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A Guide to the Brits of ‘Kick-Ass 2′
Comic book sequel Kick-Ass 2 opens in theaters this week – and like its predecessor, despite being a film set in New York (and in this case, written and directed by an American, Jeff Wadlow) the cast is littered with a surprising array of actors recognizable to just about any avid watcher of British television and film.
So to save you from being distracted throughout the film trying to figure them out, or just so you can look like a cool and knowledgeable Anglophile to your friends on the way out, here’s where you might know some of them from…
Lead character Dave Lizewski, Kick-Ass himself, follows in cinema’s recent tradition for casting Brits as superheroes (from Christian Bale‘s Batman, to Andrew Garfield as Spider-Man and Superman Henry Cavill) by being played by Buckinghamshire-born Taylor-Johnson. Johnson broke out playing a young John Lennon in Nowhere Boy (where he also met his wife, director Sam Taylor-Johnson) in 2009, and also appeared in Joe Wright‘s Anna Karenina in 2012. He’s purportedly not quite done with superheroes yet, either, with rumors persistently linking him with the role of Quicksilver in Joss Whedon‘s upcoming Avengers: Age of Ultron.
He only appears in one scene, and his distinctive gravelly Scottish voice becomes a distinctive gravelly New York mobster voice, but Iain Glen’s role is a memorable one nevertheless. Glen is one of the most respected actors on British TV, and you’ll most likely know him either from Downton Abbey (as newspaper baron Sir Richard Carlisle), his superb turn as Father Octavian in the Doctor Who Weeping Angels two-parter in 2010, or his current ongoing role in Game of Thrones.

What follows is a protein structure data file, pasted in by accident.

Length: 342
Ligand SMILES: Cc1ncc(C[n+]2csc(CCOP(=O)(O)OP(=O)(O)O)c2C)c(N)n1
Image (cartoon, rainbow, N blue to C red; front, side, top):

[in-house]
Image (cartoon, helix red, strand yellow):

Continuing the trend of Lock, Stock and Two Smoking Barrels actors appearing in the Kick-Ass films (both Jason Flemying and Dexter Fletcher turned up in the first), Mackintosh is barely recognizable for much of KA2, disguised under a mask and a New York accent as one half of husband-and-wife vigilante team “Remembering Tommy”. Mackintosh has had an extensive career in British television ever since his role in the popular adaptation of The Secret Diary of Adrian Mole. BBC America viewers, of course, will have seen him recently as morally conflicted DCI Ian Reed in the first season of Luther.
Appearing as villainous henchman “The Tumor”, a lot of Andy Nyman’s most memorable work has been behind-the-scenes. A noted writer and magician as well as actor, he has served as co-writer on much of illusionist Derren Brown’s most celebrated work, as well as penning the popular London stage show Ghost Stories. On-screen he had a memorably gruesome death scene in the reality-TV-meets-zombies satire Dead Set, and also appeared in 2006 British horror comedy Severance.
Largely known for smaller supporting roles in comedy — if you’re a fan of brilliant but underrated British comedies you might have seen his face in the likes of 15 Storeys High, Look Around You or The Peter Serafinowicz Show — the Manchester-born Wong has started to make a surprising move into sci-fi blockbuster films of late, with roles in Sunshine, Prometheus and Moon.
The lowest-profile name on this list, Prew — who replaces the first film’s Evan Peters as Dave’s friend Todd — might nevertheless be recognizable, particularly to the Hugh Grant fans among you. He appeared in the 2002 film About A Boy in a short but memorable role as the somewhat deranged son of Grant’s love interest Rachel Weisz.
Meanwhile, Middlesbrough-born character actress Monica Dolan (Sightseers) and Robert Emms (War Horse, Mirror, Mirror) both play fellow members of Kick-Ass’ new superhero team. Plus, of course, there are an array of minor characters and walk-on parts taken by smaller-profile British actors, largely a consequence of the film having been shot at Buckinghamshire’s famous Pinewood Studios. But by the time we listed all of those, you could probably already have watched the film…